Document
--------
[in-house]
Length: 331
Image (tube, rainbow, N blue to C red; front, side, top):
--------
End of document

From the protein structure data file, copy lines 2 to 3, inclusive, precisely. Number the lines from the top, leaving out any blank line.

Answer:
Length: 331
Image (tube, rainbow, N blue to C red; front, side, top):